I will work with my clients on these topics. I will help create behavior modification. Adding fruits and vegetables. Switching some processed grains to whole grains. Combining protein with carbs to help delay gastric emptying.
Finding exercises that the client likes and planning it into their schedule.
I have seen clients implement these things and not lose a single pound, however, the next time they go to the doctor, their labs have improved.
They sleep better and feel better.
Another important thing to remember about the topic of weight loss relating to health is that our research may be skewed more than we would like to believe. What we know about research is that correlation does not equal causation.
We have all mostly concluded that being overweight LEADS to diabetes, heart disease and many types of cancer. They may be correlated but not causational.
For example, we know that African Americans are at a higher risk of developing high blood pressure. But now that we know that information are we telling African Americans to become Caucasian?
No, we absolutely are not doing that because that’s impossible.
I am not saying it is impossible to lose weight, but it kind of is in a lot of ways.
I think if you will access all the people you know who have lost weight on a diet, mostly every single person you know will have gained back that weight and more!
Not to mention their now obsession with what they eat or don’t eat, when and how much they exercise and it begins to take over their lives.
You may be diagnosed with a nutrition related disorder like diabetes, high blood pressure or renal disease. We can treat these diseases with medical nutrition therapy without being restrictive.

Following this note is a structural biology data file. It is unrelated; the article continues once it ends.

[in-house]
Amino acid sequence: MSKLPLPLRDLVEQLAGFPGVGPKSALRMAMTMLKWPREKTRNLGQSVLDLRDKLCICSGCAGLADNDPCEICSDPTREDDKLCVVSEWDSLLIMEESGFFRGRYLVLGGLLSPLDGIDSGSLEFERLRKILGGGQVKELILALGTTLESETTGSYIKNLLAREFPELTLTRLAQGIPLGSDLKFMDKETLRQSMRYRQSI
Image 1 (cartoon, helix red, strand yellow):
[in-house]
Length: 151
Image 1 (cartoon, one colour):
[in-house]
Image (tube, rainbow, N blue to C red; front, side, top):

We also have to interpret nutrition research with a grain of salt (pun intended).
A person with high cholesterol is told not to eat too much cholesterol. However, the research now shows that most of our cholesterol is made by the liver unrelated to how much cholesterol we actually eat.
This is why I am not a fan of any form of restriction. I much prefer to get in touch with how your body feels as a result of certain foods. I believe that you can also make nutritional choices based on your medical history as a form of self care and not self punishment. Your intentions will make a big difference on the overall outcome.
You can make healthy behavior changes and not change your weight at all. As a culture, we have a belief system that you CAN change your weight but you most likely CAN NOT.
Whether that’s because of genetics or environmental factors, who cares?
It doesn’t really matter. We must shift our focus from weight to health. We must take away that black and white, all or nothing, “if I don’t sweat it doesn’t count,” thinking. If I don’t lose weight, why eat healthy anyways.
You can be healthy and be fat. You can have diabetes and still eat carbs. You can take care of your health without changing your weight. You can work on accepting that your body is exactly as it’s meant to be. Don’t let diet culture tell you anything different.
get in touch
If you are ready to make peace with food and never say diet again, check out my website https://gilaglassberg.com and apply for a free 20 minute clarity call. I look forward to hearing from you!
Gila Glassberg is a Master's level registered dietitian and a Certified Intuitive Eating Counselor. As a teenager, she was faced with constant diet talk, body shaming and obsessive guilt around food. She struggled with disordered eating. This is what propelled her into the field of nutrition. She uses a non-diet, weight-neutral approach called Intuitive Eating. She helps growth oriented women break out of chronic dieting, and regain clarity into what is really important to them.